CAMPAIGN FOR FISCAL EQUITY (CFE). Coalition of concerned parents and education advocates successfully litigated over underfunding of New York City's public schools

The Campaign for Fiscal Equity (CFE) in its own words: “The Campaign for Fiscal Equity, Inc. (CFE), a non-profit organization, was founded in 1993 by a coalition of concerned parents and education advocates seeking to reform New York State's school finance system to ensure adequate resources and the opportunity for a sound basic education for all students in New York City. That same year, CFE filed a constitutional challenge to New York State's school finance system, claiming that it underfunds New York City's public schools and, thus, denies its students their constitutional right to the opportunity for a sound basic education.

In 2006, after 13 years in the courts, the state’s highest court delivered the case’s final ruling. The Court of Appeals ruled in CFE’s favor, confirming that the state must provide its children with the opportunity for a sound basic education, defined as the "opportunity for a meaningful high school education, one which prepares them to function productively as civic participants." Working with a broad-based coalition, CFE turned the litigation’s findings and the court’s rulings into legislation benefitting public school students throughout New York State: the Education Budget and Reform Act of 2007.

CFE now serves as the leading non-profit organization working to ensure that the court-established right becomes a reality for our public school students. This entails securing full implementation of the Education Budget and Reform Act’s massive school finance and accountability reforms. To this end, CFE works to provide policymakers, the press and the public with in-depth, fact-based public policy reports for informed decision-making on the important policy questions raised by the addition of new operating and capital resources and accountability measures ” (see: ).

Further, CFE states: “The outcome of CFE's 13-year fiscal adequacy lawsuit (CFE v. State of New York) led to a new era in school finance reform with the enactment of the New York State Education Budget and Reform Act of 2007-2008. With over $7 billion in additional aid scheduled to come to New York's public schools from FY 2008 - FY 2011 and the implementation of the accountability and public participation initiatives that resulted from our litigation, the stage has been set for systemic change that results in real progress for our students. We are committed to seeing that the promise of the new education finance and accountability reforms is fulfilled” (see: ).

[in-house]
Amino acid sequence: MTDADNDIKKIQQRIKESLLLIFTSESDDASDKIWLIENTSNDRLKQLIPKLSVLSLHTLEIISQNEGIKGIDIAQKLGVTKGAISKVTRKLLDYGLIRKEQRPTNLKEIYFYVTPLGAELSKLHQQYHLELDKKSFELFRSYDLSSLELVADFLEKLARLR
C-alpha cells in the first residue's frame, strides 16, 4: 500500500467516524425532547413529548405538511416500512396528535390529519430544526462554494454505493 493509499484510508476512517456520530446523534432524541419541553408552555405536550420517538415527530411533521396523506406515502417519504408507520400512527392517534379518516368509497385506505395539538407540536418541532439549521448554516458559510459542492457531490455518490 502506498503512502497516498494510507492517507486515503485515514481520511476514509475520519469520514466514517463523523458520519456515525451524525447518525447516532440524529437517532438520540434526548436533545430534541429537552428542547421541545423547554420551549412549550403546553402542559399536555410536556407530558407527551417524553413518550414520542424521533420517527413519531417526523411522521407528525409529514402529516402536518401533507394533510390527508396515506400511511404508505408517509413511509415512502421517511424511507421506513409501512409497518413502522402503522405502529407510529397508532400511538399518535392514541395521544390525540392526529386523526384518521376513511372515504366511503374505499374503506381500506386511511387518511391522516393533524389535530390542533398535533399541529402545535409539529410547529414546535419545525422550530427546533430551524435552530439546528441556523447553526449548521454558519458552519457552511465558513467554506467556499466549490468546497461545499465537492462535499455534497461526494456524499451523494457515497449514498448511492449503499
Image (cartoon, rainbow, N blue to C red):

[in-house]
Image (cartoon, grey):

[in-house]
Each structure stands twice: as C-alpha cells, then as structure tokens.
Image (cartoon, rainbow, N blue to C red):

CFE report on Educational Apartheid in New York (2003): "Throughout this report…we document a dismaying alignment of disadvantaged students (disproportionately children of color), schools with the poorest educational resources (fiscal and human), and substandard achievement. Conversely, we find that those schools that serve the fewest at-risk children have the greatest financial resources, teachers with the best credentials, and the highest level of achievements. Perhaps the sharpest contrasts exist between public schools in New York City and those in districts (most suburban) with low percentages of students in poverty and high levels of income and property wealth." [1].

CFE report on class sizes and overcrowding (2009): “Overcrowding is a chronic problems in New York City’s public schools …Overcrowding is a particular problem for schools with struggling students and was cited as one of the facilities’ deficiencies in the Court of Appeals’ decisions in CFE v. State of New York. The Court of Appeals specifically cited overcrowding and excessive class size as inseparable and further stated as fact that “” One symptom of an overcrowded school system is the encroachment of ordinary classroom activities into what would otherwise be specialized spaces: libraries, laboratories, auditoriums and the like. There was considerable evidence of shortage of such spaces.” After the Appellate Division, First Department ordered the state to provide New York City schools with the CFE proposal of $9.2 billion in capital; funding by April 1 2006, the legislature and the Governor provided $11.2 billion in funding for facilities’ conditions in 2006 in its settlement of the CFE lawsuit.” [2].

[1]. State of Learning, CFE report, July 2003, quoted by Margaret Kimberley, “Educational Apartheid lives on”, Freedom Rider column, The Black Commentator, 20 October 2005: .

[2]. Campaign for Fiscal Equity report, “Maxed Out: New York City School Overcrowding Crisis”, May 2009: .